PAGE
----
aren't as good as we ought to be."
A solid second quarter gave the
Wolverines a 14-0 halftime lead, but
Duke responded with a tough third
period of its own and the Wolverines
held on to secure their second win of
the young season.
"OUR PLAYERS were loose and
played with a style that it would take
to beat a great team like Michigan,"
said Duke coach Mike McGee. "But
we made too many mistakes."
Penalties, untimely turnovers and
mental mistakes plagued the Wol-
verines all afternoon. The opening
kickoff may have set the trend for
what was to follow: a day when
Michigan was its own worst enemy.
Harlan Huckleby took the opening
boot in the end zone and advanced
two steps before deciding he wanted
a touchback. However, the junior
speedster had already crossed the
goal line and stood there until a Blue
Devil touched him on the one-yard
Two penalties and three plays later
Michigan surrendered the ball to
Duke on its own 33-yard line. The
defense held and Scott Wolcott
missed a 49-yard field goal attempt.
The Wolverines punted on the next
sequence and Duke threatened
Russell rolls on! Daily Photo by ANDY FREEBERG
MICHIGAN'S HARD RUNNING fullback Russell Davis
breaks away from Duke defensive back Tom Knotts
(16) during yesterday's 21-9 victory over the Blue Devils.
Guard Mark Donahue (60) and quarterback Rich Leach
(7) look on. Davis ran for 95 yards on the day, including
82 in the first half when the Wolverines built up a 14-0
protests continue at third
By AP and UPI
WASHINGTON - Bert Lance in-
sisted yesterday there was nothing
improper or unethical about the
handling of his political debts by the
Calhoun, Ga., bank he headed but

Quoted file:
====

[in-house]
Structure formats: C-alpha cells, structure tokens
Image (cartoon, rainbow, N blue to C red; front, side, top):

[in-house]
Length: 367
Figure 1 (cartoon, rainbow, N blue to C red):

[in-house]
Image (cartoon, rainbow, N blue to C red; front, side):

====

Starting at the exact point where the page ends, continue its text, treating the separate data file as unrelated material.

conceded that, in retrospect, he
would handle things differently.
"Given my druthers, given my
choices, I would make sure it was
even more of an arms-length trans-
action," the Carter administration
budged director told a Senate com-
mittee investigating his activities as
a Georgia banker.
TESTIMONY AT the morning
session dealt principally with the
handling of the Lance campaign
While the nation watches Lance de-
fend himself against Senate charges
of unethical practices, for the Office
of Management and Budget, it's
stand up in court, but Sen. Jacob
Javits, (R-N.Y.), maintained the
Lance, allegations include "big things
... involving violations of law."
Nunn's lawyerly defense and Jav-
its' sharp questioning highlighted the
third day of Lance's testimony before
the Senate Governmental Operations
THE UNUSUAL Saturday hearing
before a full-house public gallery ran
on well into the afternoon. It ap-
peared likely the panel would have to
summon the budget director for
more testimony Monday.
"If this were a court of law and I
were the attorney for the defense .. .
then I would make a motion for
dismissal of charges based on the
evidence so far before this commit-
tee," Nunn, Lance's staunches de-
fender on the panel, said near the
close of the morning session.
In a 16-minute, point-by-point sum-